Figure 2. (a) the infant with axial hypotonia; ((b), (c)) the sagittal and coronal sections of the orbitocerebral tomography showing cortical-subcortical hypodensity in favour of cortical-subcortical atrophy.
paediatrician, we have retained the diagnosis of cortical blindness secondary to NEHI. We established the following therapeutic protocol piracetam syrup: 100 mg every 12 hours and sodium valproate syrup: 50 mg every 12 hours. He was prescribed paediatric physiotherapy sessions combined with monthly clinical monitoring. We plan to see the child again in three months time (i.e. April 6th 2021).
In developed countries, the primary cause of visual disorders in children is central neuro visual impairment . These central neuro visual disorders are the result of cerebral anoxia (or even better, hypoxia) . Cerebral anoxia can be observed either in cases of prematurity or in children born at term .
The epidemiology of NHIE in Europe is better-known thanks to the early diagnosis and therapeutic management .
In Africa, the published data are disparate  .
In Sub Saharan Africa, neuromalaria has been frequently reported as the primary cause of cortical blindness in children . On the other hand, for South African authors, the NHIE is reported to be the primary cause of cortical blindness in children in sub-Saharan Africa (2).
The low ratio of cases of child cortical blindness in sub-Saharan Africa does not allow us to formally define its epidemiology in Black Africa.
It is, therefore, necessary for national eye health programmes to consider the management of child cortical blindness as a priority.
Better knowledge of the epidemiological profile of child cortical blindness in Black Africa would facilitate the implementation of strategies for early diagnosis and improved survival rates.
The differential diagnosis of cortical blindness is made with psychogenic blindness and previous blindness .
Cortical blindness is differentiated from psychogenic blindness by the abolition of optokinetic nystagmus .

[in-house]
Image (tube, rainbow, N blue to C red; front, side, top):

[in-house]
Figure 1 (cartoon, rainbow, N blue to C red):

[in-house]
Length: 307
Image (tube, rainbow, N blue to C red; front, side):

In anterior blindness, the abolition of pupillary reflexes differentiates it from cortical blindness .
In our two patients, the presence and vivacity of pupillary reflexes rule out the hypothesis of anterior blindness by bilateral damage to the pre-geniculated visual pathways.
Nowadays, there is no standardised and systematic management strategy for cortical blindness .
Rehabilitation plays a key role in the management of hemianoptic patients .
Black Africa would gain enormously in the early detection and management of all situations likely to lead to neonatal cerebral anoxia (prematurity, maternal-fetal infections, in utero growth retardation, dystocic deliveries, etc.).
In both reported cases, nonchalance in the management of situations at risk of perinatal cerebral anoxia was the cause of cortical blindness.
The epidemiology of NHIE in black Africa is not known. Of the few published works, the sequelae of neuromalaria would be the most frequent cause of cortical blindness in black African children. Early detection and improved neonatal resuscitation would give better results.
The study was approved by the research committee of the Institute of African Tropical Ophthalmology, University of Sciences and Technology of Bamako.
Parental consent has been obtained for the publication of their children’s images.
 Ballot, D.E., Rakotsoane, D., Cooper, P.A., Ramdin, T.D., Chirwa, T. and Pepper, M.S. (2020) A Prospective Observational Study of Developmental Outcomes in Survivors of Neonatal Hypoxic Ischaemic Encephalopathy in South Africa. South African Medical Journal, 110, 308-312. https://doi.org/10.7196/SAMJ.2020.v110i4.14311